OFFICE OF AUDIT REGION 6 FT. WORTH, TX City of New Orleans, LA Recovery Act Homelessness Prevention and Rapid Re-Housing Program [Type text] 2013-FW-1008 [Type text] [Type text] SEPTEMBER 24, 2013 Issue Date: September 24, 2013 Audit Report Number: 2013-FW-1008 TO: Cheryl S. Breaux, Director, Office of Community Planning and Development, 6HD //signed// FROM: Gerald Kirkland Regional Inspector General for Audit, Ft. Worth Region, 6AGA SUBJECT: The City of New Orleans, LA, Did Not Have Adequate Financial and Programmatic Controls To Ensure That It Expended and Reported Funds in Accordance With Program Requirements Attached is the U.S. Department of Housing and Urban Development (HUD), Office of Inspector General (OIG), final results of our review of the City of New Orleans’ American Recovery and Reinvestment Act of 2009 Homelessness Prevention and Rapid Re-Housing Program. HUD Handbook 2000.06, REV-4, sets specific timeframes for management decisions on recommended corrective actions. For each recommendation without a management decision, please respond and provide status reports in accordance with the HUD Handbook. Please furnish us copies of any correspondence or directives issued because of the audit. The Inspector General Act, Title 5 United States Code, section 8L, requires that OIG post its publicly available reports on the OIG Web site. Accordingly, this report will be posted at http://www.hudoig.gov. If you have any questions or comments about this report, please do not hesitate to call me at 817-978-9309. September 24, 2013 The City of New Orleans, LA, Did Not Have Adequate Financial and Programmatic Controls To Ensure That It Expended and Reported Funds in Accordance With Program Requirements Highlights Audit Report 2013-FW-1008 What We Audited and Why What We Found In accordance with our goal to review The City did not have adequate financial and American Recovery and Reinvestment programmatic controls over its Program to ensure that Act of 2009 funds, we reviewed the it expended and reported funds in accordance with City of New Orleans’ Homelessness requirements. Specifically, the City (1) paid Program Prevention and Rapid Re-Housing costs with administrative funds, (2) exceeded its Program. Our objective was to administrative budget, (3) charged costs incurred for determine whether the City had its other grant programs to the Program, (4) did not adequate financial and programmatic always ensure that its subgrantee supported participant controls to meet Program requirements. eligibility determinations, (5) did not ensure that its subgrantee properly tracked and recorded participant What We Recommend data in HMIS, (6) did not ensure that its subgrantee maintained approved budget revisions or amended its contracts to ensure that it did not exceed contract costs, We recommend that the Director of the and (7) did not ensure that its or its subgrantee’s U. S. Department of Housing and Urban financial records reconciled to the expenditures in Development’s (HUD) New Orleans IDIS. These conditions occurred because the City (1) Office of Community Planning and did not adequately maintain and track its budget to Development require the City to (1) ensure that it made payments from the correct cost repay $134,770; (2) support or repay category and within budgeted amounts, (2) more than $159,000; (3) review the circumvented controls to pay expenditures from remaining $192,681 charged to the incorrect cost categories, (3) had no written policy to administrative cost category for process expenditures until 2 months after the Program eligibility; (4) correct $28,430 in data ended, and (4) did not always provide adequate entry errors in the homeless oversight to its subgrantee. As a result, the City management information system incurred $134,770 in ineligible and $159,987 in (HMIS); (5) review potential duplicate unsupported costs. It also allowed $28,430 in data assistance shown in its HMIS, correct entry errors in the HMIS and potentially paid $465,506 the data as warranted, and repay any in duplicate financial assistance. Thus, the City could duplicate amounts, thereby putting not provide reasonable assurance that it had access to $465,506 to better use; and (6) require accurate information about the use of Recovery Act the City to reconcile its financial funds. records to its subgrantee and the Integrated Disbursement and Information System (IDIS). TABLE OF CONTENTS Background and Objective 3 Results of Audit Finding: The City Did Not Have Adequate Financial and Programmatic Controls Over Its Program To Ensure That It Expended and Reported Funds in Accordance With Program Requirements 4 Scope and Methodology 12 Internal Controls 14 Appendixes A. Schedule of Questioned Costs and Funds To Be Put to Better Use 15 B. Auditee Comments and OIG’s Evaluation 16 2 BACKGROUND AND OBJECTIVE On February 17, 2009, the President signed the American Recovery and Reinvestment Act of 2009 (Recovery Act), which included $1.5 billion for the Homelessness Prevention and Rapid Re-Housing Program administered by the U. S. Department of Housing and Urban Development’s (HUD) Office of Community Planning and Development. Funding for the program was distributed based on the formula used for the Emergency Shelter Grants program. The purpose of the Program was to provide homelessness prevention assistance for households that would otherwise become homeless and rapid rehousing assistance for persons who were homeless as defined by Section 103 of the McKinney Vento Homeless Assistance Act.1 The Program provided temporary financial assistance and housing relocation and stabilization services to individuals and families who were homeless or would be homeless but for this assistance. Other eligible Program activities included data collection and evaluation and administrative services. On July 31, 2009, HUD entered into a Program grant agreement with the City of New Orleans, awarding the City more than $7.5 million. HUD allowed the City to distribute funds to subrecipients, such as local governments or private nonprofit organizations, to carry out Program activities. As part of the grant agreement, HUD required the City to ensure that each subrecipient fully complied with Program requirements. To assist in executing the Program, the City entered into a subgrant agreement with Unity of Greater New Orleans on November 30, 2009. In turn, Unity selected 10 project sponsors to carry out Program activities and provide resources to the community. Unity’s project sponsors included Travelers Aid, Total Community Action, Hope House, Community Service Center, Alternative Living, Family Services of Greater New Orleans, Episcopal Community Services, Odyssey House, the Salvation Army, and Southeast Legal Services. HUD required the City to obligate funds by September 30, 2009, and report demographic information on homeless people served, as well as the exact dates that they entered and exited the Program in the Homeless Management Information System (HMIS).2 In turn, the City required Unity and its project sponsors to enter the Program’s participant data into HMIS. The Recovery Act required the City to expend 60 percent of Program funds by July 31, 2011, and 100 percent of funds by July 31, 2012. HUD allowed the City to continue drawing down funds, until October 29, 2012, from its Integrated Disbursement Information System (IDIS)3 to reimburse expenditures incurred before July 31, 2012. Our objective was to determine whether the City had adequate financial and programmatic controls to meet Program requirements. 1 42 U.S.C. (United States Code) 11302 2 HMIS is the primary tool for obtaining data on the use of Program funds awarded and persons served. 3 The IDIS is a nationwide database that provides HUD with current information regarding the program activities including funding data which is used to monitor grantees. HUD required grantees to use IDIS to drawdown Program funding and report on grant expenditures. 3 RESULTS OF AUDIT Finding: The City Did Not Have Adequate Financial and Programmatic Controls Over Its Program To Ensure That It Expended and Reported Funds in Accordance With Program Requirements The City did not have adequate financial and programmatic controls over its Program to ensure that it expended and reported funds in accordance with Program requirements. Specifically, the City (1) paid Program costs with administrative funds, (2) charged costs to the Program that were incurred for its other grant programs, (3) exceeded its maximum 5 percent administrative budget, (4) did not ensure that Unity made adequately supported participant eligibility determinations, (5) did not ensure that Unity and its project sponsors adequately tracked and recorded participant data in the HMIS, (6) did not ensure that Unity maintained documentation supporting approved budget revisions or amended its contracts to ensure that its project sponsor and contractor costs did not exceed the contracted amount, and (7) did not ensure that its or Unity’s financial records reconciled to the expenditures in IDIS. These conditions occurred because the City did not take the appropriate steps to safeguard funds, as it (1) did not adequately maintain and track its budget to ensure that it made payments from the correct cost category and within budgeted amounts; (2) circumvented accounting controls to pay expenditures from incorrect cost categories; (3) did not have a written policy in place on how to process reimbursement requests for Program expenditures until September 2012, 2 months after the Program ended; and (4) did not always provide adequate oversight of Unity. As a result, the City incurred $134,770 in ineligible and $159,987 in unsupported costs. It also allowed $28,430 in data entry errors in the HMIS. Further, the City potentially paid $465,506 in duplicate financial assistance. Thus, it could not provide reasonable assurance to HUD and the public that it had access to accurate information about the use of Recovery Act funds. The City Charged Ineligible Administrative Fees A review of 10 expenditure files, containing support for 10 disbursements totaling more than $198,000 from the administrative funds, determined that for 7 disbursements, the City (1) paid Program costs with administrative funds, (2) charged costs to the Program that were incurred for different grant programs, and (3) exceeded its maximum 5 percent administrative fee threshold. Specifically, In four instances, the City paid a total of $100,416 for ineligible costs4 related to Program costs that were unallowable charges to the administrative cost category. These charges included Unity’s and project sponsors’ staff salaries, 4 According to Federal regulations these costs were not allowed to be charged to the administrative cost category. Since the charges were to the administrative costs category, we evaluated them to determine their eligibility as administrative costs. We did not evaluate their eligibility as a Program cost. 4 utility arrearages, participant rental assistance, and data collection activities. Federal Register 5307-N-01, section IV, part A, prohibited the City from using its administrative funds to pay these costs. The City paid the New Orleans Music Hall of Fame and Luther Speight for costs not related to the Program but related to two of its other grant programs.5 Federal Register 5307-N-01, section IV, part A, and section V, part F, held the City responsible for ensuring that it administered its Program funds in accordance with the requirements and charged only eligible Program activity costs. Of the $9,248 erroneously charged to the Program, the City repaid $8,692 on April 29, 2013, leaving $556 in ineligible costs. The City paid costs that caused it to exceed its 5 percent administrative budget threshold limited by Federal Register 5307-N-01, section IV, part A. Specifically, instead of charging $378,908 (5 percent) to its administrative cost category, it charged $390,687 (5.15 percent). The $11,779 overage was ineligible. With the $8,692 repayment previously discussed, the City reduced its ineligible overage to $3,087. Participant Files Lacked Support for Eligibility A review of 23 participant files with disbursements totaling $293,432 determined that for 14 participants, the City did not ensure that Unity fully supported its eligibility determinations, thereby incurring almost $45,000 in unsupported and ineligible costs as shown in table 1. Some files contained multiple deficiencies. 5 The City charged the costs to its State of Louisiana Homeless Prevention and Rapid Re-Housing Program and Community Development Block Grants. 5 Table 1: Number of files Ineligible Unsupported Deficiency with deficiencies costs costs Lacked annual habitability inspection6 12 $29,451 0 Assistance received before approval into the 1,260 0 Program7 3 Assistance paid in excess of monthly lease 219 0 amount8 1 Assistance paid for more than 18 months10 1 49511 0 Inadequate income documentation12 1 0 $ 2,250 No documentation supporting area median 0 11,990 income requirement13 1 Totals $30,711 $14,240 In addition, although it did not affect eligibility, Unity’s participant files did not always contain documentation required by its policies14 as shown in table 2. Table 2: Number of files with Deficiency deficiencies Inadequate utility documentation 12 Inadequate exit documentation 11 Inadequate identification information 4 Inadequate homeless verification letter 1 Lack of rent reasonableness documentation 4 Lack of lead-based paint inspection 1 Lack of income documentation or staff affidavits at 1 recertification HMIS Contained Duplicate Payments and Did Not Reconcile to Unity’s Records A review of the HMIS, the primary data collection tool for the Program, determined that amounts paid for participants contained potential duplicate payments and did not reconcile to Unity’s financial records. Specifically, of 1,322 participants listed in the HMIS, with financial assistance totaling more than $4.3 million, the HMIS listed potential duplicate assistance for 447 participants (34 percent) totaling $493,936. Review of the payment history for six participants 6 Federal Register 5307-N-01, section VII, part C 7 HUD’s Eligibility Determination and Documentation Guidance, Section 5-Documentation Standards 8 Federal Register 5307-N-01, section IV, part A 9 Amount included in $29,451 above 10 Federal Register 5307-N-01, section IV, part A 11 Amount included in $29,451 above 12 HUD’s Eligibility Determination and Documentation Guidance, Section 5-Documentation Standards 13 Federal Register 5307-N-01, section IV, part D 14 Unity’s Guide to Paperwork, Procedures, and Policies 6 with potential duplicate assistance totaling $28,430 showed that Unity made data entry errors, but no duplicate payments occurred.15 According to Unity, it believed that all of the potential duplicate payments were data entry errors. However, since Unity’s project sponsors also entered data into the HMIS and Unity did not have access to its project sponsors’ financial records, it could not provide certainty that the remaining $465,506 did not represent duplicate payments. In addition, an analysis of Unity’s financial records as compared to the HMIS determined that Unity’s total financial assistance expenditures of more than $5 million exceeded the amount of financial assistance reported in the HMIS of more than $4.3 million, a $679,100 discrepancy. Unity could not provide an explanation regarding the discrepancy. Project Sponsors and Contractors Exceeded Contract Amounts A review of Unity’s financial records compared to project sponsor and contractor agreements determined that the amount of funding paid to three project sponsors and one contractor16 exceeded the agreement amounts by $145,747 as shown in table 3. Table 3: Unity general ledger Contract Entity Contracted amount payments overage Hope House $ 576,537 $ 643,520 $ 66,983 The Salvation Army 674,471 725,878 51,407 Southeast Legal Services 155,178 172,238 17,060 VIA Link 118,500 128,797 10,297 Total $1,524,686 $1,670,433 $145,747 Any revisions to the project sponsors’ or contractors’ budgets or agreements required written approval from the City. However, neither Unity nor the City could provide written documentation approving the contract overages. 15 These six participants were assisted by Unity during the Program. We reviewed these participants because they were within our participant eligibility sample. Thus, we had all landlord and Unity transaction data needed to trace all of the payments for duplicates. We did not review participants who were assisted by other project sponsors. 16 Hope House, The Salvation Army, and Southeast Legal Services were project sponsors. VIA Link was a contractor. 7 Financial Records Did Not Reconcile to IDIS Expenditures An analysis of the City’s internal budget and cost control statements17 compared to IDIS expenditures determined that the budgets and expenditures did not reconcile, generating misclassified funds as shown in table 4. Table 4: City budgeted IDIS expended Cost category amount amount Difference Housing relocation and stabilization $ 1,829,315 $ 1,993,417 $ 164,102 Financial Assistance 5,142,600 5,092,902 (49,698) Unity administrative costs 265,235 261,235 (4,000) City administrative costs18 113,673 129,451 15,778 Data collection and evaluation 227,345 101,163 (126,182) Total $7,578,168 $7,578,168 Federal Register 5307-N-01, section V, part F, required the City to ensure that it administered Program funds in accordance with Program requirements and other applicable laws. When asked, the City asserted that the data did not reconcile because the City needed to move funding from the data collection cost category to other categories to serve more clients who were in need. However, the City could not provide documentation supporting this assertion or that it had an authorized budget revision. Also, reducing the data collection cost category to $101,163 caused the City to misclassify funds. For example, as previously discussed, the City paid unallowable data collection costs with administrative funds. In addition, IDIS expenditures did not reconcile to Unity’s expenditures reflected in its cost control statement. A comparison of the IDIS expenditures to Unity’s expenditures showed that none of the expended amounts reconciled as shown in table 5. Table 5: IDIS expended Unity expended Cost category amount amount Difference Housing relocation and stabilization $1,993,417 $1,961,414 $ 32,003 Financial assistance 5,092,902 5,013,946 78,956 Unity administrative costs 261,235 227,345 33,890 Data collection and evaluation 101,163 257,791 (156,628) Total $7,448,717 $7,460,496 ($11,779) 17 Cost control statements are documents the City used to track Program budgets and costs. 18 Although the City did not have budget cost control statement documentation supporting the amount, the City indicated that it reserved $113,673 for its Program administrative costs. 8 The City Did Not Take the Appropriate Steps To Safeguard Funds The City did not take the appropriate steps to safeguard funds. Specifically, it did not have a written policy in place for processing expenditures until September 2012, 2 months after the Program ended. This contributed to its inability to consistently pay expenditures from the correct cost category and within budgeted amounts. According to the City, it began to run out of funding in its cost categories. Thus, it began paying expenditures from whatever category had funds remaining. In doing this, the City disregarded appropriate accounting procedures and violated Program requirements. In addition, although the City monitored and communicated with Unity and its project sponsors during the Program, its oversight was sometimes lacking as (1) Unity was not always aware of the Program requirements, and (2) Unity and its project sponsors disregarded requirements. Further, according to the City, it had several meetings with Unity to reconcile its accounting records and believed that, when reconciling the funds, Unity’s accounting records should be used and not its cost control statements. However, Unity contradicted the City’s assertion, stating that (1) in its accounting records it did not categorize Program expenditures in line with the four Program cost categories used by the City, and (2) its final cost control statement reflected the final expenditure amounts and should be used in determining expended funds by category. When we informed the City of the potential duplicate assistance payments in HMIS, it stated that it did not have access to the HMIS during the Program and it was difficult to obtain HMIS information from Unity. Without access to the data, the City could not have provided adequate oversight to ensure that Unity and its project sponsors adequately tracked and recorded participant data in the HMIS. Conclusion Because the City did not take the appropriate steps to safeguard Program funds, it (1) paid Program costs with administrative funds; (2) charged costs to the Program that were incurred for the City’s other grants; (3) exceeded its maximum 5 percent administrative budget; (4) did not ensure that Unity made eligibility determinations that were adequately supported; (5) did not ensure that Unity and its project sponsors adequately tracked and recorded participant data in the HMIS, which resulted in either duplicate payments made on behalf of these participants or material inaccuracies reported to HUD; (6) did not ensure that Unity maintained documentation supporting approved budget revisions or amended its contracts to ensure that its project sponsor and contractor costs did not exceed the contracted amount; and (7) did not ensure that its or Unity’s financial records reconciled to the City’s expenditures in IDIS. 9 As a result, the City incurred $134,770 in ineligible and $159,987 in unsupported costs. It also allowed $28,430 in data entry errors in the HMIS and potentially made $465,506 in duplicate financial assistance payments reflected in its HMIS for 441 participants. Thus, the City could not provide reasonable assurance to HUD and the public that it had accurate information about the use of Recovery Act funds. Since the City’s Program ended July 31, 2012, we did not recommend corrective actions for its internal controls. Recommendations We recommend that the Director of HUD’s New Orleans Office of Community Planning and Development require the City to 1A. Repay to HUD for its transmission to the U.S. Treasury $100,416 for ineligible costs charged to the administrative cost category. 1B. Repay to HUD for its transmission to the U.S. Treasury $556 for ineligible costs that the City erroneously paid from Program funds that were chargeable to the City’s subgrant from the State of Louisiana’s Program. 1C. Repay to HUD for its transmission to the U.S. Treasury $3,087 for ineligible costs that the City incurred as a result of its exceeding the maximum 5 percent administrative budget. 1D. Perform a detailed review of the remaining $192,68119 charged to the administrative cost category in IDIS to ensure that these costs were chargeable to this category and repay to HUD for its transmission to the U.S. Treasury any unallowable or unsupported costs. 1E. Repay to HUD for its transmission to the U.S. Treasury $30,711 for ineligible costs paid on behalf of 14 Program participants. 1F. Provide support regarding the income eligibility of two participants or repay the $14,240 paid on behalf of the participants to HUD for its transmission to the U.S. Treasury. 1G. Correct HMIS data entry errors totaling $28,430 for the six participants reviewed so that the HMIS payments will accurately reflect the amounts paid in the financial records. 19 $390,687 (total administrative costs) - $198,006 (total administrative costs reviewed) = $192,681 (remaining administrative costs) 10 1H. Review potential duplicate assistance identified in HMIS associated with 441 Program participants, correct the HMIS data based on actual financial records, or repay to HUD for its transmission to the U.S. Treasury any amounts paid that were duplicate payments, thereby potentially putting $465,506 to better use. 1I. Support that it either (1) provided written approval to undertake actions that allowed the project sponsors and contractors to exceed contract amounts or (2) maintained documentation evidencing authorized revisions to the project sponsor and contractor budgets or repay $145,747 to HUD for its transmission to the U.S. Treasury for Program funds paid to three project sponsors and one contractor that exceeded the contract amounts. 1J. Require the City to reconcile its financial records with those of Unity and IDIS. These records include but are not limited the City’s and Unity’s budgets and Unity’s expenditures. 11 SCOPE AND METHODOLOGY We conducted our audit at the City’s and Unity’s offices as well as the HUD Office of Inspector General’s (OIG) office in New Orleans, LA, between April and August 2013. To accomplish our objective, we Reviewed relevant laws, regulations, and program guidance. Reviewed City and Unity organizational charts and written policies for the Program. Reviewed the City’s Recovery Act-related obligations and expenditures. Reviewed the grant agreement between HUD and the City including the substantial amendment, contract agreements between the City and Unity, and contract agreements between Unity and its project sponsors or contractors. Reviewed Program participant files. Reviewed the City’s Program budgets as compared to the expenditures in IDIS and Unity’s budgets. Reviewed the City’s total IDIS expenditures per cost category as compared to Unity’s. Interviewed appropriate HUD, City, and subgrantee staff members. Analyzed the participant and disbursement data in the HMIS. The City had 60 Program disbursements totaling more than $7.5 million. It made 55 disbursements totaling $390,687 from the administrative cost category. Using a nonstatistical sample, we selected 10 of the 55 disbursements totaling more than $198,000 in order to review at least 50 percent of the administrative funds. We reviewed the disbursements to determine eligibility and whether the City disbursed the funds in accordance with Program requirements. Through file reviews, we assessed the reliability of computer processed data regarding disbursements and determined that the disbursement data were generally reliable. Of the 1,322 Program participants reflected in the City’s HMIS, 37 did not receive funding assistance. The remaining 1,285 participants, our revised universe of participants, received more than $4.3 million in Program financial assistance. Using a nonstatitical sample, we selected 23 participants whose assistance totaled $289,432 and who appeared to have received more than 18 months of assistance and potential duplicate rental payments. We reviewed the files for the participants to determine whether they met Program eligibility requirements and whether eligibility determinations were adequately supported. We assessed the reliability of computer processed data regarding the participant data. Through the file reviews we determined that the participant data were not reliable because of discrepancies identified related to the amount of Program assistance paid in the HMIS as compared to the supporting documentation. 12 Our audit scope covered July 31, 2009, through September 30, 2012. We expanded the scope as necessary to accomplish our audit objective. We conducted the audit in accordance with generally accepted government auditing standards. Those standards require that we plan and perform the audit to obtain sufficient, appropriate evidence to provide a reasonable basis for our findings and conclusions based on our audit objective. We believe that the evidence obtained provides a reasonable basis for our findings and conclusions based on our audit objective. 13 INTERNAL CONTROLS Internal control is a process adopted by those charged with governance and management, designed to provide reasonable assurance about the achievement of the organization’s mission, goals, and objectives with regard to Effectiveness and efficiency of operations, Reliability of financial reporting, and Compliance with applicable laws and regulations. Internal controls comprise the plans, policies, methods, and procedures used to meet the organization’s mission, goals, and objectives. Internal controls include the processes and procedures for planning, organizing, directing, and controlling program operations as well as the systems for measuring, reporting, and monitoring program performance. Relevant Internal Controls We determined that the following internal controls were relevant to our audit objective: Financial controls intended to ensure that Program expenditures comply with HUD regulations, procedures, and instructions. Programmatic controls intended to ensure that participants meet Program eligibility requirements. We assessed the relevant controls identified above. A deficiency in internal control exists when the design or operation of a control does not allow management or employees, in the normal course of performing their assigned functions, the reasonable opportunity to prevent, detect, or correct (1) impairments to effectiveness or efficiency of operations, (2) misstatements in financial or performance information, or (3) violations of laws and regulations on a timely basis. Significant Deficiency Based on our review, we believe that the following item is a significant deficiency: The City did not have adequate financial and programmatic controls over its Program to ensure that funds were expended and reported in accordance with Program requirements (finding). 14 APPENDIXES Appendix A SCHEDULE OF QUESTIONED COSTS AND FUNDS TO BE PUT TO BETTER USE Recommendation Ineligible 1/ Unsupported 2/ Funds to be put number to better use 3/ 1A $100,416 1B 556 1C 3,087 1E 30,711 1F $14,240 1H $465,506 1I 145,747 Totals $134,770 $159,987 $465,506 1/ Ineligible costs are costs charged to a HUD-financed or HUD-insured program or activity that the auditor believes are not allowable by law; contract; or Federal, State, or local policies or regulations. 2/ Unsupported costs are those costs charged to a HUD-financed or HUD-insured program or activity when we cannot determine eligibility at the time of the audit. Unsupported costs require a decision by HUD program officials. This decision, in addition to obtaining supporting documentation, might involve a legal interpretation or clarification of departmental policies and procedures. 3/ Recommendations that funds be put to better use are estimates of amounts that could be used more efficiently if an OIG recommendation is implemented. These amounts include reductions in outlays, deobligation of funds, withdrawal of interest, costs not incurred by implementing recommended improvements, avoidance of unnecessary expenditures noted in preaward reviews, and any other savings that are specifically identified. In this instance, it represents potential duplicate assistance identified in HMIS associated with 441 Program participants that if verified and corrected could put $465,506 to better use. 15 Appendix B AUDITEE COMMENTS AND OIG’S EVALUATION FACILITIES, INFRASTRUCTURE AND COMMUNITY DEVELOPMENT CITY OF NEW ORLEANS MITCHELL J. LANDRIEU CEDRIC S. GRANT MAYOR DEPUTY MAYOR September 13, 2013 Gerald R. Kirkland Regional Inspector General for Audit- Region 6 U.S. Department of Housing and Urban Development Office of Inspector General 819 Taylor Street, Suite 13A09 Fort Worth, TX 76102 RE: 2013 City of New Orleans Audit of LA Recovery Act Homelessness Prevention and Rapid Re-Housing Program Dear Mr. Kirkland: The City of New Orleans (the City) is in receipt of your discussion draft audit report of the Louisiana Recovery Act Homelessness Prevention and Rapid Re-Housing Program dated August 29, 2013 conducted by the U.S. Department of Housing and Urban Development, Office of Inspector General beginning on April 8, 2013. Enclosed please find the City's response to the findings and recommendation as noted: Misclassification of Expenditures Comment 1 The City requests that the finding be revised to reflect the costs described in number one (1) related to Unity's and project sponsors' staff salaries, utility arrearages, participant, rental assistance, and data collection activities be noted as eligible programmatic costs. There were no funds charged that were ineligible, instead costs were misclassified as administrative costs and therefore paid out of the incorrect reporting category. The City will request that HUD allows an adjustment be made to the HPRP program budget for a reclassification of Administrative and Program costs in lieu of the repayment request. Providing the reclassification is granted, the Comment 1 City would fall within the maximum 5 percent administrative fee threshold. Thereby, the finding number (3) repayment request would not be applicable. The City is requesting that all findings related to the administrative fee threshold being exceed be removed. Comment 2 Issues with Unity's Recordkeeping Due to the volume and nature of information that must be reviewed that City is not able to provide a response at this time. However, the City is working with Unity and HUD to resolve the aforementioned finding. Should the finding be deemed unresolvable, the City will seek repayment of funds from Unity to return to the U.S. Treasury. 16 Comment 3 Unreconciled Data in HMIS The City has requested from both HUD and Unity access to HMIS, however this request has been denied. In addition to access being denied, it was also difficult for the City to obtain HMIS information from Unity and Unity's Project Sponsors. Without access to HMIS the City does not have the capacity to review or reconcile the participant data and financial records that are recorded within for Unity and its project sponsors. The City will work with Unity to ensure they are conducting this review of their HMIS system to correct the financial records for the program participants sampled. The City will also ensure that Unity and their project sponsors compare financial records with the HMIS data. These corrections are expected to be made by October 1, 2013. Project Sponsors and Contractors Contract Amendments Comment 4 The City previously provided the amended contracts for the selected sample to support budget revisions. The documents have been included (see Attachment I) for review. The City of New Orleans would like to thank you for all the support provided throughout the audit process, moreover we note our continued sense of urgency to work with and beside HUD on all matters. If further information is required concerning the above corrective actions, please feel free to contact Natasha F. Muse, Director of Administrative Support at (504) 658-4208 or email@example.com. Sincerely, Cedric S. Grant Deputy Mayor Facilities, Infrastructure and Community Development CSG/mdw cc: Cheryl S. Breaux Tracey Carney Brian Lawlor Anthony Faciane Stacy Hom-Koch Natasha F. Muse Mia D. Wallace 1340 POYDRAS STREET SUITE 10001 NEW ORLEANS., LOUISIANA 70112 PHONE 504-658-8450 I FAX. 504-658-4238 17 OIG Evaluation of Auditee Comments Comment 1 The City requested that the finding concerning staff salaries, utility arrearages, participant rental assistance, and data collection costs that were charged to the administrative cost category and considered ineligible be revised and noted as eligible programmatic costs. The City asserted that the costs were not ineligible but misclassified and charged to the incorrect cost category. The City also asserted that it planned to request that HUD allow an adjustment be made to the City’s Program budget to reclassify the administrative and Program costs in lieu of repaying the funds. The City stated that this reclassification would also amend the administrative costs total so that it would not exceed the 5 percent budget threshold and the repayment would not be needed. The City asked that we remove all findings related to the administrative costs threshold. We disagree that the costs should be considered eligible. FR-5307-N-01 specifically stated that administrative costs do not include the costs of issuing financial assistance, housing relocation and stabilization services, or data collection activities, such as staff salaries and other operating costs; these costs should be included under the three other eligible activity categories. However, these costs were charged to and paid from the administrative cost category despite being an unallowable practice under the Program; and therefore must be repaid. In addition, during the audit, we only evaluated the costs to determine whether they were eligible administrative costs. Thus, once determined unallowable administrative costs, we did not perform additional evaluations to determine their eligibility under another cost category. Based on the City’s request, we revised the report to include additional clarification. Further, FR-5307-N-01 states that no more than 5 percent of the total program grant may be spent on administrative costs. Although the City asserted that it would request and obtain approval from HUD to reclassify the funds in order to alleviate its administrative cost category overage, it did not provide a copy of the written request to HUD, or HUD’s written approval, to support that the administrative total should be reduced below 5 percent. In addition, the City’s Program ended July 31, 2012, and HUD closed this Recovery Act grant as of May 15, 2013. Therefore, we did not revise our conclusions, the questioned costs, or recommendations 1A and 1C. Comment 2 The City explained that due to the volume and nature of information that must be reviewed, it was unable to provide a response regarding Unity’s recordkeeping. However, the City asserted that it was working with Unity and HUD to resolve the aforementioned finding. The City stated that it would seek repayment of funds from Unity to return to the U.S. Treasury for any unresolved findings. We appreciate the City’s efforts in addressing the errors identified. The City should 18 work with HUD to resolve recommendations 1G and 1H pertaining to the reported conditions. Comment 3 The City asserted that its request for access to HMIS had been denied and that without access to HMIS, the City did not have the capacity to review or reconcile the participant data and financial records that were recorded in HMIS for Unity and its project sponsors. However, the City proposed to work with Unity to ensure that it conducts reviews of its and the project sponsors’ HMIS data in order to correct the financial records for the Program participants by October 1, 2013. We appreciate the City’s efforts in addressing the reported conditions. Comment 4 The City asserted that it previously provided the amended contracts to support budget revisions and provided the documents as an attachment to its comments. Due to its size, we did not include this documentation in the final report. While we agree that the City previously provided the applicable contracts in question, the documents did not support the overages paid to the project sponsors and contractor. The City also provided documentation of budget revisions for the four project sponsors discussed in the draft report. Based upon our review of the budget revisions, we agree that the documentation related to project sponsor Total Community Action was sufficient to support the City’s approval for the additional amounts paid under that contract. However, the budget revisions provided for the other three project sponsors did not support that the City approved the additional amounts paid under the contracts. Thus, we only amended the final report to remove the questioned costs for Total Community Action’s, which resulted in a reduction of the questioned costs from $151,519 to $145,747 in table 3 and recommendation 1I. The City should work with HUD to resolve the remaining questioned costs in recommendation 1I. 19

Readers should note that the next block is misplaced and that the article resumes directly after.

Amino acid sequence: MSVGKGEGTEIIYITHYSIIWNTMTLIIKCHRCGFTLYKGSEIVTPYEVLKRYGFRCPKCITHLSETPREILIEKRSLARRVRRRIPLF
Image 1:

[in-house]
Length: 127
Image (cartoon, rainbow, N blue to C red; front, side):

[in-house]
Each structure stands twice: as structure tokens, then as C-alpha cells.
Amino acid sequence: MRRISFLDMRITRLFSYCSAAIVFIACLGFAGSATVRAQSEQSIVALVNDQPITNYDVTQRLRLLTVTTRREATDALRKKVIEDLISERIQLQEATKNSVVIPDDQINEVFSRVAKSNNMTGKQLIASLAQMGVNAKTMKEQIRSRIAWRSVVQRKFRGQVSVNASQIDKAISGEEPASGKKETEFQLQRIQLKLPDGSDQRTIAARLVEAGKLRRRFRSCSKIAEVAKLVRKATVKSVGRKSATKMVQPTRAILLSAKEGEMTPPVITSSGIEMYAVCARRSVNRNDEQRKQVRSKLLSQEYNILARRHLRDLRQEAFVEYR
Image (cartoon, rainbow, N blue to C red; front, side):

The City of New Orleans, LA, Did Not Have Adequate Financial and Programmatic Controls To Ensure That It Expended and Reported Funds in Accordance With Program Requirements
Published by the Department of Housing and Urban Development, Office of Inspector General on 2013-09-24.
Below is a raw (and likely hideous) rendition of the original report. (PDF)